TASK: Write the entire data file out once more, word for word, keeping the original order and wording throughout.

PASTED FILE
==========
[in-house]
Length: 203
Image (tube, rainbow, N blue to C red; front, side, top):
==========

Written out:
[in-house]
Length: 203
Image (tube, rainbow, N blue to C red; front, side, top):